TORONTO (Reuters) - Canada has warned the Canadian Auto Workers that General Motors would get no government aid and would likely liquidate its operations in the country if the union fails to make more contract concessions, the head of the CAW said on Thursday.
GM, which earlier in the day reported a net loss of $6 billion in the first quarter, faces a May 15 deadline to reach a new deal with the union, CAW President Ken Lewenza said at a press conference.
Senior union members met with representatives of GM and the governments of Canada and the province of Ontario on Wednesday and were told that GM Canada’s costs had to come down to the same level as Toyota Canada‘s.
“If we don’t get a deal, and here’s the ultimatum, the governments will provide no financial support, and GM Canada will be liquidated,” Lewenza said.
If an agreement is reached, GM may qualify for billions of dollars in long-term loans.
Lewenza said government officials also assured the union that the company’s Canadian operations would be protected if GM filed for bankruptcy protection in the United States and Canada. He said a bankruptcy filing seemed likely no matter what happened.
“It was very clear that General Motors is in serious trouble,” Lewenza said.
Industry Minister Tony Clement was asked in Parliament on Thursday why he was putting heavy pressure on the GM workers.
“What will not work is if the union heads do not want to be part of the solution,” he responded. “Then the choice of the workers is to have a job that’s cost-competitive or to have no job at all.”
GM and the CAW reached a new collective agreement in March that the automaker said would wipe nearly C$1 billion ($855 million) related to retirement costs off its books.
The Canadian government later said the GM-CAW cost savings plan did not go far enough.
Jim Stanford, the CAW’s economist, said that the labor costs of GM Canada’s active workers were already very close to the costs of Toyota Canada’s active workers.
But GM, which has been in operation in Canada for nearly a century, has about five retirees for every worker, while Toyota Canada, which set up shop in 1987, has almost no retirees.
That means so-called “legacy costs” are far higher at GM than at Toyota, which otherwise has similar worker compensation.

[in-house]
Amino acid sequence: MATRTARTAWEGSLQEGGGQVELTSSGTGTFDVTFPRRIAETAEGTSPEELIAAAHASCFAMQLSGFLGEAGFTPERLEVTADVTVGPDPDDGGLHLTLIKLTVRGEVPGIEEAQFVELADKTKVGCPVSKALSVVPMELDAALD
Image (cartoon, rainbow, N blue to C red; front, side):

“It is impossible to imagine that the 5,000 or 6,000 or 7,000 GM (Canada) employees that are left at the end of this process could somehow pay -- they’d be working for free and then some -- they’d have to take money out of their own pockets to pay back to GM.”
GM Canada currently employs about 10,300 hourly workers but has said that number will fall substantially as planned plant closures take effect.
After the GM-CAW agreement in March the union moved on to Chrysler and reached a deal near the end of April to cut costs by about C$240 million annually, or C$19 an hour, based on the number of hours Chrysler Canada employees worked last year.
That helped Chrysler qualify for long-term funding in Canada and the United States, but the company was still forced to seek U.S. bankruptcy protection in order to get all of its costs in line.
The governments said they would provide Chrysler with so-called debtor-in-possession financing to help it emerge from Chapter 11 protection.
Chrysler has about 1.5 retirees for every active worker.
Chrysler Canada spokeswoman Mary Gauthier said on Thursday the company had recently received the final C$250,000 installment of its C$1 billion in Canadian short-term loans.
GM Canada also recently received some short-term funding in Canada, accepting a C$500 million of a possible C$3 billion in loans, to help it restructure in time to qualify for longer-term aid.
A GM Canada spokesman could not immediately be reached for comment.
Reporting by John McCrank; editing by Frank McGurty